The natural capacity of soil to provide plants with nutrients in the right proportions without any hazardous materials is known as soil fertility. Associatively, the earth's capacity to generate crops per unit area is known as soil productivity. Therefore, depending on the crops, marketing conditions, and several other circumstances (such as poisonous material, poor physical characteristics, or a lack of water), the soil may or may not be productive.
In recent years, the dependence on fertilisers has increased to generate tonnes of food and feed the ever-growing population of India. However, chemical fertilisers added to soil to boost its fertility have resulted in more bad than good. Excessive use of such fertilisers in soil has led to the damaging of crops, chemical leaf scorching, raising air pollution, acidifying the soil, and depleting it of minerals.
Thus, the need of the hour is to go organic and that goes beyond food alone. Living and working in harmony with nature is the essence of embracing organic ways. In that sense, organic farmers contribute to a brighter future for people, animals, and the environment – they refrain from using synthetic inputs and promoting natural systems. As a result, good soil produces healthy plants which, in turn, ensures healthy nourishment for humans.
Sowing various crops in the same field is a lesser known yet super effective technique for increasing soil productivity and fertility. It prevents soil erosion and the spread of plant diseases that are transmitted via the soil. Additionally, planting legumes will improve the soil by adding nitrate. Utilise deep-rooted veggies wherever possible to improve soil fertility organically.
Continuous tillage leads to increased soil erosion which, in turn, decreases fertility. Tilling exposes the lowest layers, typically those with moisture, which causes the water to evaporate and decreases the soil's moisture content. By minimising tilling, the existing organic materials can decompose and give appropriate nutrients to the soil.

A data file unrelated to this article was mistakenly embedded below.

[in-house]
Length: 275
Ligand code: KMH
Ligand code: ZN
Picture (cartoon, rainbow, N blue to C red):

Soil moisture decreases when weed control techniques are not used. Weeds result in damaging soil productivity. Off-season tillage, adequate seed-bed preparation, timely sowing, and the use of weedicides can all be used to suppress weeds.
A soil analysis helps determine the nutrients that the soil needs. Because soil types vary, different amounts may be required to maintain soil fertility. Crops can be grown in many ways and different chemical agents can be used to eliminate pests and illnesses. Remember, crop development and the existence of microbes are both favoured by nutrient-rich soil.
The micro-organisms in the soil that aerate it and supply nutrients are destroyed when synthetic fertilisers are used. Therefore, it is best to apply only what is necessary, which is typically determined after performing a soil test. There is a widespread misconception that soil vitamins increase with the amount of fertiliser applied to them. This is untrue. On the contrary, overuse of soil fertilisers and pesticides (using inorganic techniques) reduces soil fertility.
Farmers choose this fertiliser because it is affordable, non-polluting, and favourable to the environment. It protects the plant from many bacterias. It is simple to create and entirely organic. As long as you have compost, you can do it yourself.
Green manure prepares the soil for subsequent crops by absorbing and storing soil nutrients. These crops aren't picked because doing so would remove nutrients, therefore they're tilled into the soil while still green. When turned back into the soil, plants degrade and release nutrients to the following crop. It is beneficial for use both in large farms and small gardens.
The farming methods we select have a significant impact on many aspects, including biodiversity, human health, and climate change. While there are several strategies to enhance soil quality, the main objectives are to lessen compaction, add organic matter, and generate abundant food using natural ways.